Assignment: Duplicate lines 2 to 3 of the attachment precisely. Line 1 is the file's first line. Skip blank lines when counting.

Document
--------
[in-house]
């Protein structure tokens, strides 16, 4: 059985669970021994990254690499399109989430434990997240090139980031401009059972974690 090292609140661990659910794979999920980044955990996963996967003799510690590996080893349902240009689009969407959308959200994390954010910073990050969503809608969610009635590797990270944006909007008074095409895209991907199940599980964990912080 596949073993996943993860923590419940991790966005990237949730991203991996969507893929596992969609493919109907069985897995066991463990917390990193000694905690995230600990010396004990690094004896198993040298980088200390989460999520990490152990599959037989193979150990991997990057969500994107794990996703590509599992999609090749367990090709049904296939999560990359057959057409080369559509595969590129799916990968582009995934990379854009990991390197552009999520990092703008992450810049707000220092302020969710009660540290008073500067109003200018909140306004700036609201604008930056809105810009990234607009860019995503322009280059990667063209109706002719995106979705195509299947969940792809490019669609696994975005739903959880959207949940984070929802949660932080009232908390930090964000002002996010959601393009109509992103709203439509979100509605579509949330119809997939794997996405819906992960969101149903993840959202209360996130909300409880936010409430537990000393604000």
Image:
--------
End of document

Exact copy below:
């Protein structure tokens, strides 16, 4: 059985669970021994990254690499399109989430434990997240090139980031401009059972974690 090292609140661990659910794979999920980044955990996963996967003799510690590996080893349902240009689009969407959308959200994390954010910073990050969503809608969610009635590797990270944006909007008074095409895209991907199940599980964990912080 596949073993996943993860923590419940991790966005990237949730991203991996969507893929596992969609493919109907069985897995066991463990917390990193000694905690995230600990010396004990690094004896198993040298980088200390989460999520990490152990599959037989193979150990991997990057969500994107794990996703590509599992999609090749367990090709049904296939999560990359057959057409080369559509595969590129799916990968582009995934990379854009990991390197552009999520990092703008992450810049707000220092302020969710009660540290008073500067109003200018909140306004700036609201604008930056809105810009990234607009860019995503322009280059990667063209109706002719995106979705195509299947969940792809490019669609696994975005739903959880959207949940984070929802949660932080009232908390930090964000002002996010959601393009109509992103709203439509979100509605579509949330119809997939794997996405819906992960969101149903993840959202209360996130909300409880936010409430537990000393604000």
Image: